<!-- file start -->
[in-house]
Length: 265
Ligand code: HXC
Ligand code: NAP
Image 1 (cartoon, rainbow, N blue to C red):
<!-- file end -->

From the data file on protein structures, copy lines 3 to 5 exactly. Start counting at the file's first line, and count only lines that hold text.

Ligand code: HXC
Ligand code: NAP
Image 1 (cartoon, rainbow, N blue to C red):